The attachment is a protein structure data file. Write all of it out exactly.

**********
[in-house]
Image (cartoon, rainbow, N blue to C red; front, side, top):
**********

[in-house]
Image (cartoon, rainbow, N blue to C red; front, side, top):